It’s Manslaughter

Janice_Kaspersen_Blog

Last week, as you’ve probably heard, five people in Michigan were charged with involuntary manslaughter for circumstances related to the Flint water crisis—specifically for their failure to sound the alert about increases in the number of cases of Legionnaires’ disease. It’s believed that pipes corroded by the city’s new source of water allowed bacteria that cause the disease to flourish; at least 12 people died. Prosecutors say the officials knew about the outbreak for up to a year without notifying the public.

In total, 15 state and city officials are now facing a variety of charges, including obstruction of justice, lying to an officer, willful neglect of duty, misconduct, and conspiracy. Some of these charges carry potential jail terms of up to 20 years.

Cities and counties are sometimes sued for negligence or failure to maintain facilities—we covered a recent case related to a stormwater culvert here. But it’s unusual for individuals to be charged for crimes such as these in relation to their jobs. Legal experts are calling the involuntary manslaughter charges nearly unprecedented. Michigan’s governor, Rick Snyder, is defending the members of his cabinet who are charged with manslaughter and letting them keep their jobs even as members of the public are calling for them to be removed.

There are many unprecedented things about the Flint situation. What’s your opinion: Are the charges against specific individuals justified? And based on this case, would you expect to see similar charges brought more frequently in the future? Share your thoughts in the comments below.

For a thorough discussion of the case, please see this week’s Water Efficiency blog, where editor Laura Sanchez examines the charges in detail. SW_bug_web

Comments
  • Tim Lewis.

    If you prosecute such folks who are making average salaries, i.e., not the big salaries for taking big risks, you won’t be able to hire folks to take these jobs. If prosecutors want to prosecute public servants who may or may not have had control of the finances that would have allowed them to “fix” the problem, then prosecutors should support prosecuting prosecutors who neglect their responsibilities by putting people in jail who turn out to be innocent. Their job is to seek justice and if they prosecute someone who is innocent because they are too lazy to find the truth, then they should pay for their mistake as well as other public servants. Turn about is fair play!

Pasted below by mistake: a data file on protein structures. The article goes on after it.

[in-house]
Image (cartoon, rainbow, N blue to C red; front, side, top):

Negligence of responsibility with regard to the health and lives of others should not be ignored, however, mitigating circumstances should be fairly considered.

    Reply
    • Andy Tilton.

      Agree with comments. EPA released large quantities of mine water into a stream. Any private company would have been charged and most likely found guilty and fined.

      Reply
  • Adriana Schnoebelen.

    Governor Rick Snyder should be on the list of folks charged with manslaughter. Especially since he has the power to have rectified this problem. I also think the pattern of violations against the citizenry of Flint, Michigan, made it justified to file charges against the individuals involved in the cover up of the problems.

    Reply
    • Michael A. Marullo.

      The governor and his band of GOP cost-cutters are ultimately responsible for this tragedy. If not for his arbitrary — and totally uninformed — decision to cut costs by changing the source of supply, none of this would have happened!! The bureaucrats always skate!

      Reply
  • Roger Griffin.